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From my limited experience, soft tires feel more bouncy than hard ones, with same pressure. That is, if you lift and drop front side of unloaded bike, with soft rubber on front wheel it will jump like a bouncy ball (kind of). But with hard rubber it'll jump more like badly inflated football/basketball (at low pressure) or like a sack of potatoes (at high pressure).

Other things being equal (size, tread, pressure), do you think soft rubber tire will provide better suspension than hard rubber?

EDIT: made a test with Schwalbe CX Comp (soft) vs some Vee Rubber harder compound tire (same width) - dropped front side of unloaded bike from a small height. CX Comp definitely feels more bouncy and jumps more silently. But actually maybe they bounce with same rebound, since it's hard to measure precisely.

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Folks, note that he specifically says that tire pressure is equal when making these comparisons. –  Daniel R Hicks Jul 27 at 3:08

4 Answers 4

up vote 3 down vote accepted

There are tires made out of thin layers of relatively soft rubber, and ones (usually for puncture resistance) made out of thick layers of relatively stiff (almost like plastic) rubber. At a given tire pressure, the soft tire will be "bouncier" because the softer rubber has less of a viscoelastic damping effect than the harder rubber. As a result, the softer tire will have less rolling resistance for a given tire pressure.

(This is why I prefer puncture-resistant tires that employ a Kevlar belt (eg, Forte K models) vs those (Schwalbe Marathon) that employ a thick hard rubber layer in the tread -- less rolling resistance.)

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And for those who think I do not know of which I speak, I used to test rubbers for the Air Force. –  Daniel R Hicks Jul 27 at 3:09
    
So soft compound tires have lower rolling resistance, better traction and feel more bouncy. Seems like the only downside is that they wear out faster. –  alkar Jul 27 at 11:39
    
And judging by my CX Comp, soft tires are more vulnerable to punctures and cuts. The only protection is from Kevlar Guard layer. –  alkar Jul 27 at 11:47
    
@user713303 - My experience has been that a good quality Kevlar layer provides excellent protection against punctures, with only a slight impact on rolling resistance (and weight). Perhaps the thicker tires provide more, but (for me) the difference between a flat every 4 years or every 6 is not worth the extra resistance/weight. –  Daniel R Hicks Jul 27 at 12:23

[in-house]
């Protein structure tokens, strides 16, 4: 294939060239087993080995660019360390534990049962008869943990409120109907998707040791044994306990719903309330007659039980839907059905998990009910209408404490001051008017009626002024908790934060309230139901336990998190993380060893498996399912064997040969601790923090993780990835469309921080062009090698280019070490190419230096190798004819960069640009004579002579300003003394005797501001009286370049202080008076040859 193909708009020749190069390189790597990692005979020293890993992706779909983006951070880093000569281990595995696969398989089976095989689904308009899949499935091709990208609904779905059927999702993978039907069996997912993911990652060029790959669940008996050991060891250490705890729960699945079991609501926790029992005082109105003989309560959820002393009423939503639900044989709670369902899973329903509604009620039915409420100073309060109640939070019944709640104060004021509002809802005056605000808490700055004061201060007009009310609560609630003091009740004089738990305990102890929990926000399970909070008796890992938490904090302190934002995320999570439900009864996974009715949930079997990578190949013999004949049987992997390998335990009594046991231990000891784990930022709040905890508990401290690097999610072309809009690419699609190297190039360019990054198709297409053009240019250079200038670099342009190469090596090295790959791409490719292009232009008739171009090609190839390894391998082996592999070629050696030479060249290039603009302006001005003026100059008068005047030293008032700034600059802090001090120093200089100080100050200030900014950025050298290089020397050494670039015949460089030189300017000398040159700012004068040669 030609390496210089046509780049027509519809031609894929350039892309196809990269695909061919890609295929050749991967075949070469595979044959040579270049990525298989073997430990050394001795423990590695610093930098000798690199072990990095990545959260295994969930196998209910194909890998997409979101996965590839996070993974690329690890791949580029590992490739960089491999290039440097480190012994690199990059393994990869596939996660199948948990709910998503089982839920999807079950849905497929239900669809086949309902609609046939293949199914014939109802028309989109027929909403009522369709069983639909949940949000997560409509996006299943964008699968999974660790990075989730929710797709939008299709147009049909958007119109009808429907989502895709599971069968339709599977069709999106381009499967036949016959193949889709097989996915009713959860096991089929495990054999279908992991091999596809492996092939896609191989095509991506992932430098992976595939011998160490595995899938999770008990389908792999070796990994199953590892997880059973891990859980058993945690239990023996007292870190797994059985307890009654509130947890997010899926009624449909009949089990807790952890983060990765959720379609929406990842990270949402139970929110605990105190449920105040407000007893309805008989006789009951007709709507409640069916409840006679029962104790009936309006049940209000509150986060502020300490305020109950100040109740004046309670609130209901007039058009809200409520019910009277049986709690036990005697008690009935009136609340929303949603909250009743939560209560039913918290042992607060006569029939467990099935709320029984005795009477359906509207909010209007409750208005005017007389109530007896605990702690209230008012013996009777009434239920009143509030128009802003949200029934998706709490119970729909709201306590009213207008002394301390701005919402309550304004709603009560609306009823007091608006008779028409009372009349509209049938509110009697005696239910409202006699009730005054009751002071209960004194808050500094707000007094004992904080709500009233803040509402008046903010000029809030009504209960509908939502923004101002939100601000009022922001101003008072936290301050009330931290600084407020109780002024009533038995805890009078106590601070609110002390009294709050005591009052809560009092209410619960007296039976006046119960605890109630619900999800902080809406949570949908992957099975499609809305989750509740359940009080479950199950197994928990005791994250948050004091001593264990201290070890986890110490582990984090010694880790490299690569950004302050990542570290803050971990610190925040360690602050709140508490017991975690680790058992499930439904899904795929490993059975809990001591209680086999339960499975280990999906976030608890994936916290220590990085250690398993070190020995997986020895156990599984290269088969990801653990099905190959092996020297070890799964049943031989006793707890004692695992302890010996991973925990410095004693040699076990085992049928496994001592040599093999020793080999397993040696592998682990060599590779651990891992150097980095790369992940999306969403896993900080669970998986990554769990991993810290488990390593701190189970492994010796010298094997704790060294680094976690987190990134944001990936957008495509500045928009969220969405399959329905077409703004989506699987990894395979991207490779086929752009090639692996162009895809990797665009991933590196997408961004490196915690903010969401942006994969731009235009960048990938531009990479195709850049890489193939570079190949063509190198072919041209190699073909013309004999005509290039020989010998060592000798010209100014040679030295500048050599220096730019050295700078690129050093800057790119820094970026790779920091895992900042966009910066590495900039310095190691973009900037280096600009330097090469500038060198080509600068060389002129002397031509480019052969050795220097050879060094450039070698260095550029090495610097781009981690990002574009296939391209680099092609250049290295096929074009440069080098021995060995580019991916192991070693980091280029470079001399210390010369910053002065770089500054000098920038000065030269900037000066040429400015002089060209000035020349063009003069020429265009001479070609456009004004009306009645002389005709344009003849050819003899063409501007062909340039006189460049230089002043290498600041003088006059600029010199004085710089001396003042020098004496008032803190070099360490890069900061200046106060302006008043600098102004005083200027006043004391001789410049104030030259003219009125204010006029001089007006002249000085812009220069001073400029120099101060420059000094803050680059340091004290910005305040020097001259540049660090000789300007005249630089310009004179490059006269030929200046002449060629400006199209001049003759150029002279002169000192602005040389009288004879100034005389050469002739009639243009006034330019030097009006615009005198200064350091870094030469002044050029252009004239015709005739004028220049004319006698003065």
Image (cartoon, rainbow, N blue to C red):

Most definitely. I have some Schwalbe Marathon Plus HS 440 - very puncture resistant tire. It is hard rubber and has a puncture insert. It is a hard tire and gives a hard ride anywhere in the pressure range. I have a softer same size less less ballistic tire on another bike and at the same pressure it is a softer ride a nicer grip. And it is not the bike - I noticed the hard ride as soon as I put the tires on the bike.

Is it a mountain bike? You want a soft ride then put some 2.2+ tubeless on it and run at 30 - 40 PSI.

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I don't think your premise is right - an overinflated tire should be bouncier and faster than an underinflated tire which should provide better shock absorption at the risk of more tire damage. A properly inflated tire should balance this out.

A softer rubber compound should mostly be for increasing grip (and many tires are made of several rubber hardnesses in order to increase longevity). A more rigid construction of the tire (i.e. the actual structure of the tire with cords and what not, and rubber) can change the ride characteristics though (presumably to be more rigid). The term "better" is a bit too subjective and one person may hate the tire which you consider to have the best suspension properties and vice versa.

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As @Batman mentions, it's more about the construction than the rubber compound, but I suppose thick MTB tyres will cushion bumps better if they are made from softer rubber.

Lightweight racing tyres tend to be thinner, especially in the sidewalls - there they are made as thin as possible because puncture resistance is not a priority. Such tyres are typically very supple, and even when inflated to high pressures (100-120 PSI) they can still feel "soft" and provide a very nice ride.

Wider tyres can also improve the suspension effect. Generally their recommended pressure range will be lower than that of an equivalent narrow tyre, because they hold a greater volume of air.

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